Wildlife Damage Management, Internet Center for


Date of this Version

October 2000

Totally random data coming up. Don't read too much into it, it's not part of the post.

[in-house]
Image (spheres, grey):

New York State Department of Environmental Conservation (DEC) conducted studies in suburban Rockland County, New York during 1993-2000 to help local officials develop strategies to alleviate conflicts associated with local-nesting or "resident" Canada geese {Branta canadensis). Annual counts indicated a relatively stable population of approximately 2,500-3,000 resident geese in the county, far fewer than anecdotal reports suggested. Counts tended to increase in towns where there was little or no goose management, whereas numbers declined in towns with active goose management efforts (i.e., egg-addling, capture and removal, or use of border collies). Egg-addling programs did not result in immediate reduction of goose numbers, but provided some relief at nesting sites and may have limited population growth. Removal of geese reduced total goose numbers but did not provide year-round relief at all capture locations. Use of border collies alleviated problems at many locations, but most displaced birds remained nearby. Costs of management alternatives varied widely, but all techniques were useful in a comprehensive management program. There is no quick or easy solution to goose problems in suburban areas; a coordinated community effort delivered by municipal "goose control officers" is recommended.